We could probably take a poll of those in the room today, especially those whose relationships have survived the years. Those who have done it well know of the importance of listening! More than just posting past each other, or screaming at the top of our lungs while we hurtle through the dark, they know that to make it work, you have to sit down, unplug from everything that distracts, and listen. Relationships require listening.

Hold on to that thought for a moment and join me in the world of I Kings 8. A couple of weeks ago, I introduced this chapter as a serendipitous passage for our world right now. This chapter tells the story of the dedication of the Temple, their new worship space, built by King Solomon. According to the first part of the passage, all of the people have gathered in Jerusalem to celebrate this special day. They have brought in the Ark of the Covenant to remind them of God’s faithfulness. And Solomon presides over the ceremony, as the Temple fills with a dark cloud of God’s mysterious presence.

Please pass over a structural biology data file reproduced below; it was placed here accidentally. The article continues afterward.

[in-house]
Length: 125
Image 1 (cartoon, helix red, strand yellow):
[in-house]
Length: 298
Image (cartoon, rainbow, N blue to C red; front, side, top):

Now, in this second part of the passage, the smoke has cleared and Solomon offers a prayer to God. Now, picture this. All of these people are standing in what is one of the most beautiful structures on the planet. It has taken 40-some years to build it. They have brought in the finest cedar logs down from Lebanon, the choicest stone has been quarried. They have covered everything in gold. It is literally the second-largest religious structure in the world at that time. When Solomon raises his hands to pray, you would think that his words would likely be about the beauty that surrounds them. But they aren’t. Solomon’s prayer is not about the Temple, but about God.